Naturally, you are not obliged. It is only a request. A request from the Service for Planetary Order.

Interlocutor 3678:
I’ll grant your request, if you’ll explain to me what is going on.

SPO officer:
OK, I will try and explain it to you. At the Festival for Assisting Nature, in which you took part, the
of 610 people was temporarily terminated in the Pause Zone. Simultaneously, in the Reproduction Zone, 611 people were conceived. Of these, 610 are the direct incarnation of those who had been in the Pause Zone – all the incodes match perfectly. And only one, your festival baby…

Interlocutor 3678:
Is that the reason you’ve frightened me so much? Fofs!
That’s just hilarious! It has been proven that for festival children only in ninety-five per cent of cases do the pausers undergo stable reproduction, and in the remaining five per cent the incodes can come from whoever. So what? You stuck this thing on me just to tell me that my Darling’s incode doesn’t match one of the pausers’? Well, so what? I really don’t care whose incode the kid has, smin,
the main thing is that it isn’t some criminal’s… He’s not a criminal, is he?

SPO officer:
I don’t know.

Interlocutor 3678:
Well I do know. The doctor said that my Darling is not on the Blacklist.

SPO officer:
That is correct. The incode of your foetus does not appear among the incodes on the Blacklist.

Interlocutor 3678:
Then what’s the problem?

SPO officer:
The problem is that the incode of your foetus… the incode of your Darling does not appear anywhere at all.

Interlocutor 3678:
I don’t understand. What do you mean by that?

SPO officer:
Exactly what I said. His incode does not have a counterpart code in any of the codes stored in the global database: not a single one in three billion. In essence, your future child does not have an incode at all. Instead of an incode both of the devices used for your intrauterine scan read ‘Void’.

Interlocutor 3678:

SPO officer:
Void. Zero. He has no in-history. Your Darling has had no previous lives.

Interlocutor 3678:
So then… but… how then… whose place has he taken? I mean, has one of the livings temporarily ceasing to exist not been reproduced? They’ve disappeared? Is that what’s happened?

SPO officer:
Far from it. No one has disappeared. Someone new has been added.

Interlocutor 3678:
That’s impossible! You’re an SPO officer – you should be ashamed of yourself! Are you in one of those sects or something? What is this heresy? For it is written: ‘The Number of the Living is unchanging, the Living is three billion livings, and neither by one shall this number be diminished, nor by one shall it be increased, for eternal rebirth…’

SPO officer:
Don’t get worked up, I’ve read the Book of Life too and learned the key passages off by heart. But a fact is a fact. The population of the Living has changed and is now three billion and one. And that ‘one’ is your Darling with his ‘void’ incode. I am afraid you have no idea how serious this is. So far no one does.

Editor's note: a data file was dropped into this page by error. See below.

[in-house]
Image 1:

Interlocutor 3678:
He… my Darling could be a risk to the harmony of the Living?

SPO officer:
We can’t rule it out.

Interlocutor 3678:
Will they put him in a House of Correction? Why are you shaking your head? He’ll be… They won’t let him be born? Will I have to have an abortion?

SPO officer:
It’s not up to me to decide these things. Over the next seven days ‘the Zero problem’ will be examined at the very highest level. For the duration of this period you will remain in hospital under observation. You do not have the right to leave the confines of the ward until such time as a decision has been made by the Council of Eight. Tomorrow you will be sent the first 300 men who took part in the festival, for identification. Is that all clear?

Interlocutor 3678:

SPO officer:
I have one last question. If you have permission to use contraceptives, why did you not take precautions at the festival?

Interlocutor 3678:
Because I wanted to conceive.

SPO officer:
What do you mean by that?

Exactly what I said. I wanted a child.

SPO officer:
Explain that.

Interlocutor 3678:
My medical certificate allows me to take precautions, but it does not absolve me of my duty to the
Living. I carried out my duty. Do you have a problem with any of that?

SPO officer:
Nothing of the kind. Your position deserves every respect… Thank you for the conversation.

(end of transcript)

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‘Oh, come on, enough is enough, Ef, terminate. Let’s go and have a beer. This bloody bank is as stuffy as the Living’s
. And this bloody mask will melt right here on my face if I’m not chugging on a cold one soon.’

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‘Alright. You’ve talked me into it.’ Ef jabs sluggishly at ‘terminate’ with a bandaged hand. ‘Let’s go and have a beer.’